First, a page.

A day in the life of the Senior Facilitator
Kevin Hadden joined MiM in October 2019, and he makes sure our clients get what they want and need by curating carefully planned designs to deliver to them. What is a day in the life of a facilitator like?
We have the answers here – Kevin took time out of his busy day to discuss his job role with Sadia:
What’s your name and job role?
Kevin Hadden, Senior Facilitator
Why did you choose your specific job role?
One of my earliest roles was in contact centres and operations management. When working in that sector, I was given the opportunity to deliver training and facilitate learning. I found that I enjoyed this role and took satisfaction from the impact I could have. The facilitation made a real and measurable difference as I was helping people become better at what they did.
Why take this role at MIM?
I was previously employed by a Cilent of MIM’s, and I had the opportunity to work with Julie (MiM’s MD) at that time. I loved MiM’S and Julie’s values and the impact their interaction had on individuals and organisations. MiM felt different and wasn’t delivering just another training programme. I wanted to be a part of the team.
Describe a typical day for you
No two days are the same. Often, people assume that facilitation is all about delivering face-to-face or virtual sessions. This is a critical part of the role as it defines the experience the learners have. However, facilitation is only effective if the design is right for the individuals and the organisation. It requires time invested in understanding what people need and want and then creating the design and learning plan based on that knowledge and insight. Much of my role is spent coaching learners, ensuring that they have understood and retained the learning and can apply it in their role.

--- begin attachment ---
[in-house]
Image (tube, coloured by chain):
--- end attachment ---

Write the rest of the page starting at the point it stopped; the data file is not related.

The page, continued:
What do you love the most about your job?
MiM allows me to be creative in the product we supply; we work with a variety of clients from various sectors. My role is continually interesting and motivating, always ensuring we deliver the best possible results. My role is creative and challenging as I am not simply delivering something off the shelf – it’s a bespoke design and delivery that is carefully curated. I have the opportunity to work with diverse organisations and people, and I feel invested in the organisations we work with. It’s immensely rewarding, particularly when I see the personal and organisation impact MIM have had.
What advice would you give to others who want to be in the same job role as you?
Follow the learning process thoroughly and gain credibility to ensure organisations and people individuals know that you can effectively facilitate their learning and development. Understand the difference between facilitating learning and communicating a presentation, as these are very different skills. Many people have the misconception that facilitation is all about being in front of the classroom. ’Real’ learning happens when you are able to challenge people with trust and positive intent and have the insight, knowledge and desire to enable them to change and develop.
You can connect with Kevin here on Linkedin.
You can find out more about Kevin here